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Climbing gear

Dear BD, I recently got into indoor climbing about a year ago and have used my BD harness approximately 50-70 times since then. Yesterday I went top-roping at my local gym and as I was being lowered, I heard a pop. I looked down to see that my harness has ripped off in the waist. I felt myself falling backwards so immediately grabbed the rope and was lowered safely to the ground. I have kept the harness in pristine condition in my gym bag and it has never been abused or used outdoors.

This is a paraphrase from a portion of an email I recently received. Sure I get emails that cause concern, but this was a new one entirely—what did “ripped off in the waist” mean? ? Did the webbing cut? Was it pilot error? Was there some sort of manufacturing error? I immediately contacted the customer and asked for some photos, as well as traceability information from the tags on the harness. From this info I was able to tell exactly when the harness was made, the traceability to all raw materials and manufacturing processes and cross reference raw material and finished goods batch testing data. All records and testing results showed nothing out of the ordinary. Below is the photo the customer sent us.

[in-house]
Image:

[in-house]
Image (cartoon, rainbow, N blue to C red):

Sure enough, “ripped off at the waist” was an accurate description. It appeared that the waistbelt webbing had somehow cleanly detached from the waist of the harness. It’s worth noting that nowadays most harnesses no longer consist of one continuous piece of structural webbing. Often the webbing used to attach the buckle is connected to a different, usually wider, thinner, lighter, waist material, and all of this is covered with a comfortable and durable shell material. It is at this junction where this harness failed. But how and why? The webbing appeared to be perforated from the needle during the sewing operation, but there was no hint of any thread left. It had to be sewn at one point as he’d used the harness for 70 days without incident. There appeared to be some pink coloring showing on the webbing, but the thread used on that particular harness should have been grey. We asked the customer to send it in so we could take a closer look.

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